Restaurants fear change in weather with restrictions in place

Langosta Lounge owner Marilyn Schlossbach says this is the worst summer season she’s experienced in the last three decades.

“We depend on doing at least two thirds of our business in the summer. Some of us, all our business is in the summer,” Schlossbach said.

She says business is down 65 to 70%. And, although indoor dining returned Labor Day weekend, opening at 25% capacity isn’t giving her the boost she needed.

“Nonexistent, honestly. I think a lot of operators had issues with staffing to begin with this year, between the stimulus and the not knowing what your business was going to be. We didn’t bring on much staff,” Schlossbach said.

During Labor Day weekend, the mother of two would normally have 75 staff members working. This year she had about 30. She says she didn’t want to hire people and then lay them off. The indoor bar had to stay closed because she didn’t have enough people working to maintain it. She also didn’t have the capital to fully stock up on alcohol.

“We did a few tables here and there inside but not enough to say, ‘Wow, it really helped our business.’ If it had rained this weekend, if we didn’t have inside, I don’t think we would have opened today or ever again. Losing that revenue of a holiday is horrible,” she said.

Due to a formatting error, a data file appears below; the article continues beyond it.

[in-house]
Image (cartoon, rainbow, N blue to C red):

At Porta, which is also located in Asbury Park, a socially-distanced bar was a hit. But Dallas Hlatky, who oversees the business, says once outdoor dining becomes limited with the weather, “25% is definitely not going to cut it for business purposes.”

Gov. Phil Murphy said there were very few reported cases of knucklehead behavior during the holiday weekend, but warned, “We cannot let our guard down because this is a virus that spreads when we give it the opportunity to do so.”

Epidemiologist Stephanie Silvera believes it’s important for the rate of transmission to be below 1.0 for at least a couple of weeks before increasing the indoor dining capacity.

“Statewide, right now, it’s about 1.1 and it’s been trending upward ever so slightly over the past week,” Silvera said. “And what we’ve seen is this sort of pattern where numbers will dip down below 1.0 for maybe a week or so and then they bounce back up.”

As the cold weather approaches, Hlatky wants to see local municipalities giving permits for heaters and tents now so they can prepare. She also wants guidance from the governor to understand what metrics he’s waiting to hit in order to green light more people inside restaurants.

“Everything takes a while. I’d love to get everything squared away by October because that feels like the time when you start to get those really cold nights,” Hlatky said. “Do you want to buy all of these heaters if there’s a possibility indoor dining is going to increase, a lot of things to consider as a business.”

“I had a staff member go to rehab yesterday,” Schlossbach said “People are going to break from this, and I don’t think anybody realizes that a lot of it has to do with not knowing what tomorrow is going to be for you and your family.”

Schlossbach says her plan right now is to ask her landlord if she can shut down during the peak of the winter from November to February because it’ll be too expensive to keep the lights and heat on with what she’s made this season.